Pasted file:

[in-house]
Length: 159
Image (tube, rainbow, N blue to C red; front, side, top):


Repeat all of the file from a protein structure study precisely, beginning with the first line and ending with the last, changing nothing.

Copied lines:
[in-house]
Length: 159
Image (tube, rainbow, N blue to C red; front, side, top):